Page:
19 April 202314 minute read

Washington state passes My Health My Data Act

Sweeping legislation upends how companies handle non-HIPAA-regulated health information
On April 17, 2023, Washington state lawmakers passed the My Health My Data Act, which significantly expands privacy protections for Washington consumers' health data and includes a broad private right of action. The Act applies to consumer health information that is not covered under health privacy laws like the Health Information Portability and Accountability Act (HIPAA).

The Act is widely expected to be signed into law by Washington Governor Jay Inslee and will have significant implications for how a wide range of businesses collect, share, and sell consumer health data. Once enacted, certain provisions of the Act will take effect as early as July 2023, while others will not take effect until March 31, 2024, for most regulated businesses (and June 30, 2024 for small businesses).

The expansive definition of “consumer health data,” far-reaching substantive obligations, and broad private right of action are likely to make compliance especially critical for companies that handle health information not regulated by HIPPA, such as advertisers, app providers, wearable device manufacturers, and healthcare companies and their processors.

Regulated entities and persons

The Act would apply to any legal entity that (1) conducts business in Washington or (2) produces or provides products or services that are targeted to consumers in Washington, and (3) alone or jointly with others determines the purpose and means of collecting, processing, sharing, or selling of consumer health data. Unlike laws such as the California Consumer Privacy Act, the Colorado Privacy Act, and the Connecticut Data Privacy Act, the Act does not contain thresholds for initial application based on revenue or number of consumers. However, entities that fall under certain revenue and processing thresholds are considered “small businesses” and granted extended implementation timelines to meet the laws’ compliance requirements.  

Certain of the Act’s provisions, such as geofencing restrictions, would apply to a broader definition of “persons” rather than regulated entities. The Act defines “person” to include natural persons, corporations, trusts, unincorporated associations, and partnerships.  

Regulated entity and person exemptions
The Act would not apply to government agencies, tribal nations, or contracted service providers when processing consumer health data on behalf of the government agency. The definition of “consumer” also specifies that it does not include individuals acting in an employment context. 

Covered data

The Act defines "consumer health data" as personal information that (1) is linked or reasonably linkable to a consumer and (2) identifies a consumer's past, present, or future physical or mental health. It defines “personal information” to include a cookie ID, an IP address, a device identifier, or other form of persistent unique identifier.

Specifically, “consumer health data” includes but is not limited to: 
  1. Individual health conditions, treatment, status, diseases, or diagnoses
  2. Social, psychological, behavioral, and medical interventions
  3. Health-related surgeries or procedures
  4. Use or purchase of medication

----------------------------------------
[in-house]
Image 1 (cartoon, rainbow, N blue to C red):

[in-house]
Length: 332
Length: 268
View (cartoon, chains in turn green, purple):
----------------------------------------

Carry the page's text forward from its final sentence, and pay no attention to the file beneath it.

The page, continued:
5. Bodily functions, vital signs, symptoms, or measurements of the information described in this subsection
  6. Diagnoses or diagnostic testing, treatment, or medication
  7. Gender-affirming care information
  8. Reproductive or sexual health information
  9. Biometric data
  10. Genetic data
  11. Precise location information that could reasonably indicate a consumer's attempt to acquire or receive health services or supplies and
  12. Any information in the above categories that is derived or extrapolated from non-health information (such as proxy, derivative, inferred, or emergent data by any means, including algorithms or machine learning). 
Covered data exemptions

The definition of “consumer health data” excludes personal information that is used to engage in public or peer-reviewed scientific, historical, or statistical research in the public interest subject to certain conditions. The definition of “personal information” excludes information that is publicly available or deidentified. Notably, the Act's definition of “de-identified” data does not align with the definition in HIPAA and requires a public commitment and contractual obligation limiting re-identification.

In addition, the Act contains a number of exemptions for healthcare-related data such as:

  1. Protected health information for purposes of HIPAA and related regulations
  2. Information originating from, and intermingled to be indistinguishable with, personal health information maintained by a covered entity or business associate
  3. Healthcare information collected, used, or disclosed in accordance with Washington’s medical records statutes and
  4. Personal information subject to the Graham-Leach-Bliley Act, the Fair Credit Reporting Act, the Family Educational Rights and Privacy Act, the Washington Health Benefit Exchange and applicable statutes and regulations, and the privacy rules adopted by the Washington State Office of the Insurance Commissioner. 
Finally, the Act does not restrict the collection, use, or disclosure of consumer health data by a regulatory entity or processor to (1) detect, prevent, or respond to security incidents, identity theft, fraud, harassment, or malicious, deceptive or illegal activities; (2) preserve the integrity or security of systems; or (3) investigate, report, or prosecute those responsible for any such action.
Obligations of regulated entities and persons